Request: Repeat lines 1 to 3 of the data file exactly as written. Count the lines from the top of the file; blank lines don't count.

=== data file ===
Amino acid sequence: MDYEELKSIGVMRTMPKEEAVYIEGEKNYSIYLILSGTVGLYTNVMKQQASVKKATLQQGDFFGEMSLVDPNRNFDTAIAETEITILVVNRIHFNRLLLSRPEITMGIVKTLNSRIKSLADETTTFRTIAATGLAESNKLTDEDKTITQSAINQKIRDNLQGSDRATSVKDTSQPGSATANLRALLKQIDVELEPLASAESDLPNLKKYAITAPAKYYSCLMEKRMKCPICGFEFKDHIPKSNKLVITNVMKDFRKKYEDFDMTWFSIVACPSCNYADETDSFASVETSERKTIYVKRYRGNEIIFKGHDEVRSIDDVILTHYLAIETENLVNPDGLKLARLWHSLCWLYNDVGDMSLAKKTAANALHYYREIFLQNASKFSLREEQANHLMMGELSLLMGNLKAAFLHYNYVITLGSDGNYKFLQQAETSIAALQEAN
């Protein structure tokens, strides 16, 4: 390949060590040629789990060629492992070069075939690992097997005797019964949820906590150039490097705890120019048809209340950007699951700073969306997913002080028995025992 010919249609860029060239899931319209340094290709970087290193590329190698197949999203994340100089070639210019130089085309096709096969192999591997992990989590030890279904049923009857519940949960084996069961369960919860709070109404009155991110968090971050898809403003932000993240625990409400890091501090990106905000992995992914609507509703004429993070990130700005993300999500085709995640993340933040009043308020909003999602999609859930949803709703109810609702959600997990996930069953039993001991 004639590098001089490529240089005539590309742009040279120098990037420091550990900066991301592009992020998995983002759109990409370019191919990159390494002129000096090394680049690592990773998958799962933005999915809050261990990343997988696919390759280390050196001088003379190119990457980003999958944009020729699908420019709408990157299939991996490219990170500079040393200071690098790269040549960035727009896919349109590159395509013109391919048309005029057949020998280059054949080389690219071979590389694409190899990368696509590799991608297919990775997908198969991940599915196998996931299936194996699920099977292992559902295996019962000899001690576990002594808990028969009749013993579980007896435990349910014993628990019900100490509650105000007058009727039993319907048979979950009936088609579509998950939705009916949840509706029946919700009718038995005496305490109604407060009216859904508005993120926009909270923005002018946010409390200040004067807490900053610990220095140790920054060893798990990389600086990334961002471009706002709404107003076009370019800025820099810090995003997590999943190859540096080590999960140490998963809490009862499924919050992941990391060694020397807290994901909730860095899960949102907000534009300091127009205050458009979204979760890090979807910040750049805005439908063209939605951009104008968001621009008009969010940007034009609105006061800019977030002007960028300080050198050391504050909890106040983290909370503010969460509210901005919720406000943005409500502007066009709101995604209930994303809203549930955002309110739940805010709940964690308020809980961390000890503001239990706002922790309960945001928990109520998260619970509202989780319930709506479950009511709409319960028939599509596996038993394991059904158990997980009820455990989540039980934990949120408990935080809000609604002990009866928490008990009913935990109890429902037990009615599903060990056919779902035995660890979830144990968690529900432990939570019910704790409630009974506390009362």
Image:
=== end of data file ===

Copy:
Amino acid sequence: MDYEELKSIGVMRTMPKEEAVYIEGEKNYSIYLILSGTVGLYTNVMKQQASVKKATLQQGDFFGEMSLVDPNRNFDTAIAETEITILVVNRIHFNRLLLSRPEITMGIVKTLNSRIKSLADETTTFRTIAATGLAESNKLTDEDKTITQSAINQKIRDNLQGSDRATSVKDTSQPGSATANLRALLKQIDVELEPLASAESDLPNLKKYAITAPAKYYSCLMEKRMKCPICGFEFKDHIPKSNKLVITNVMKDFRKKYEDFDMTWFSIVACPSCNYADETDSFASVETSERKTIYVKRYRGNEIIFKGHDEVRSIDDVILTHYLAIETENLVNPDGLKLARLWHSLCWLYNDVGDMSLAKKTAANALHYYREIFLQNASKFSLREEQANHLMMGELSLLMGNLKAAFLHYNYVITLGSDGNYKFLQQAETSIAALQEAN
């Protein structure tokens, strides 16, 4: 390949060590040629789990060629492992070069075939690992097997005797019964949820906590150039490097705890120019048809209340950007699951700073969306997913002080028995025992 010919249609860029060239899931319209340094290709970087290193590329190698197949999203994340100089070639210019130089085309096709096969192999591997992990989590030890279904049923009857519940949960084996069961369960919860709070109404009155991110968090971050898809403003932000993240625990409400890091501090990106905000992995992914609507509703004429993070990130700005993300999500085709995640993340933040009043308020909003999602999609859930949803709703109810609702959600997990996930069953039993001991 004639590098001089490529240089005539590309742009040279120098990037420091550990900066991301592009992020998995983002759109990409370019191919990159390494002129000096090394680049690592990773998958799962933005999915809050261990990343997988696919390759280390050196001088003379190119990457980003999958944009020729699908420019709408990157299939991996490219990170500079040393200071690098790269040549960035727009896919349109590159395509013109391919048309005029057949020998280059054949080389690219071979590389694409190899990368696509590799991608297919990775997908198969991940599915196998996931299936194996699920099977292992559902295996019962000899001690576990002594808990028969009749013993579980007896435990349910014993628990019900100490509650105000007058009727039993319907048979979950009936088609579509998950939705009916949840509706029946919700009718038995005496305490109604407060009216859904508005993120926009909270923005002018946010409390200040004067807490900053610990220095140790920054060893798990990389600086990334961002471009706002709404107003076009370019800025820099810090995003997590999943190859540096080590999960140490998963809490009862499924919050992941990391060694020397807290994901909730860095899960949102907000534009300091127009205050458009979204979760890090979807910040750049805005439908063209939605951009104008968001621009008009969010940007034009609105006061800019977030002007960028300080050198050391504050909890106040983290909370503010969460509210901005919720406000943005409500502007066009709101995604209930994303809203549930955002309110739940805010709940964690308020809980961390000890503001239990706002922790309960945001928990109520998260619970509202989780319930709506479950009511709409319960028939599509596996038993394991059904158990997980009820455990989540039980934990949120408990935080809000609604002990009866928490008990009913935990109890429902037990009615599903060990056919779902035995660890979830144990968690529900432990939570019910704790409630009974506390009362």
Image: